DisposeRx Board Member, Kelly J. Clark, MD, MBA, DFAPA, DFASAM, is also Vice Chair of Caring for Patients During the COVID-19 (CPDC) Task Force of the American Society of Addiction Medicine (ASAM). She and other fellow task force members have worked diligently over the past seven weeks to develop guidance resources for clinicians to use in their practices as they treat patients with addiction while also navigating an unprecedented pandemic. Here are Kelly’s thoughts:
What does your work with the ASAM Task Force entail?
“I was actually on vacation on a cruise ship when COVID-19 started forcing the shutdowns of cities and states across the country. Those of us who specialize in addiction medicine knew the potential implications of quarantining in place and social distancing for our patients, and we feared the impact it would have on them and the ways they seek treatment and support. All of us on the Task Force are volunteers, and we have been reviewing and processing state and federal policies and guidelines as soon as they are published as well as getting information from members practicing in the field. Then we synthesize the information and build resources for clinicians to use as they adapt to this changing world.”
What are your major concerns?
“We are still early in this pandemic, but in the very initial days, I was most concerned about the densely-populated hard-hit communities such as New York City. I worry about those in residential treatment facilities, as well as the homeless and incarcerated. I worry about patients unable to get to doctor appointments and those without the access to technology to engage in virtual visits. I am concerned about outbreaks in all settings and how we were going to run parallel tracks for the infectious and non-infectious. Further, I know that hospital administrators are being forced to consider closing their behavioral and psychiatric units to make room for COVID-19 patients. And primarily, I am concerned that the public thinks of the early spike in New York, Detroit, Miami, and New Orleans as a hurricane that has passed and that they can now leave their homes, clean up and get back to normal. This is a pandemic, and people are going to be spending much more time at home than they seem to understand yet.”
In your experience, what has the impact of previous economic downturns been on patients suffering from substance use disorder?
“Economic stress—actually all stress—can cause an increase in alcohol, prescription drug or illicit drug use. The longer this pandemic goes on and that people face this crisis, the greater the impact will be. This is a time of immense stress, and people without prior addiction often utilize substances to temporarily mask emotional discomfort. I fear that the impact on our country’s drug misuse endemic will be profound and that deaths of despair will increase dramatically.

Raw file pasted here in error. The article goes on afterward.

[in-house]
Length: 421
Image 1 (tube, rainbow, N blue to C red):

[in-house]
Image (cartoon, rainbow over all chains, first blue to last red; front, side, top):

It is important to remember that opioids alone have not been the only medications involved in either prescription drug addiction or fatal overdoses. Sedating medications of all kinds, from anti-anxiety and sleeping pills to some anti-seizure medications and muscle relaxants, are all too commonly in the home medicine cabinets and seen on overdose autopsies.”
How are patients coping without traditional support, such as community or group meetings?
“The medical approach is to help people remain physically isolated as much as possible while we learn about the disease and build the needed medical and public health infrastructure. So, patients are being seen less often and clinicians are using telephonic and telehealth sessions for assessments and treatment in areas where such treatment is reimbursed. Peer meetings for those who suffer from substance use disorders have also become widely available and accessed. There is information on these approaches on the ASAM COVID webpage. We have many reports of previously stable patients relapsing with the increased stress of this time and decreased formal structure of care but also many reports of patients increasing their engagement in peer support and touching base with providers more frequently due to the convenience of virtual interactions. We are working to learn how to best treat and support patients during this stage of the pandemic.”
As an addiction specialist, are there current policies or guidelines that frustrate you?
“Policies are often drafted without full understanding of the people they will most profoundly impact. For instance, some states have chosen to close liquor stores during this time. This is not the time to be risking an increase in alcohol withdrawal emergencies. We must continue to educate about those who suffer from mental health issues and addiction. The more we can prevent opioid overdoses with ongoing medication treatment, the more we can engage patients with virtual visits and encourage their receiving support, the safer we can make our homes and communities, and the better off the patients, their families and neighbors will be. We are going to fight for our people.”
What advice would you like to share with those navigating these uncertain times?
“Listen to the experts—the scientists, such as Dr. Anthony Fauci, and those who have thoroughly studied pandemics for many years, such as Bill Gates. Anticipate that many of the adjustments we have made in the past five or six weeks will be the new norm. Finally, take care of yourself, and take care of your family. Everyone is tired of being at home, and your children are bored. Home safety is of increased importance, as we have seen increase in child poisonings from disinfectants since the outbreak. If you have not done so, I encourage you to clean out your medicine cabinets to remove the risks of diversion and misuse of medications. The last thing we need in this time of unprecedented crisis are more accidental poisonings or new addictions.”